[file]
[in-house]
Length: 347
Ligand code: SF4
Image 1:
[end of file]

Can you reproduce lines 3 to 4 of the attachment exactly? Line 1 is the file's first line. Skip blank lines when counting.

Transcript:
Ligand code: SF4
Image 1: